“Yeah, it was unreal, right? It wasn’t on offense, one-on-one, for sure. But the poise, we’ve been talking about it all season long, understanding that they were going to make that kind of run. We didn’t think that we were going to miss that many shots but one of our pillars is defense. I think every NBA team has a pillar that revolves around defense, and tonight, it was on display. They missed some shots, but I feel like the pressure over the course of the game, when you compete like that, everybody’s tired. And so it wasn’t a surprise to me to see that many shots missed but again, I thought DA’s ability to anchor the middle and then his ability to switch out onto guys and guard, there was a skirmish under the basket where the ball was bouncing all over the place and it was, DA was right in the middle and I think somebody tried to shoot the ball under the basket and he just swatted it. I thought his fingerprints were all over that side of the ball tonight.”
On the poise of the Suns in this game with their defense:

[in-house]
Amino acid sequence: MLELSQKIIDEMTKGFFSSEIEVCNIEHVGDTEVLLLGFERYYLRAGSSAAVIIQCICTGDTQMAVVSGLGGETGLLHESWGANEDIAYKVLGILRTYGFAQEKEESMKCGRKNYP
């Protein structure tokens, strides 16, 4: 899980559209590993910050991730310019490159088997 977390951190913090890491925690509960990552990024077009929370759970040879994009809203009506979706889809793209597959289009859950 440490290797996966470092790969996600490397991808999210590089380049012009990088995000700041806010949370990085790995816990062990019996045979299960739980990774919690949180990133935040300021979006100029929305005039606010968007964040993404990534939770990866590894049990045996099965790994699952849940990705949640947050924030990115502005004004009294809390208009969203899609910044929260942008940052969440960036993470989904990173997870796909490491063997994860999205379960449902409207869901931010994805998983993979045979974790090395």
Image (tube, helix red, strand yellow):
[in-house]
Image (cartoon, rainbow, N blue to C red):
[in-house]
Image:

“We’ve been in these situations but certainly not on this stage, where you have a decent lead and all you’re thinking is, ‘Let’s just maintain it or increase it.’ They came out in the third quarter and scored 30 points. We had 19. So at that point, you’re just relying on your defense, relying on execution, but you’re also relying on the mental stamina that we’ve been talking about for two years. We saw it on display tonight. Every time (Suns starting point guard) Chris (Paul) and I made eye contact, he was like, both of us were like, ‘We’re good, we’re good.’ That kind of thing. Him more than me in those situations, but we’ve been talking about it — it’s just really cool to see our guys put that type of mental stamina on display, on the road in a cool environment… just stay the course.”